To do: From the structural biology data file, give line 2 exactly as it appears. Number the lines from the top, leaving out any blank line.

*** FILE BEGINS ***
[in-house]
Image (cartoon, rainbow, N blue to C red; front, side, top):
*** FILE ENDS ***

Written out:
Image (cartoon, rainbow, N blue to C red; front, side, top):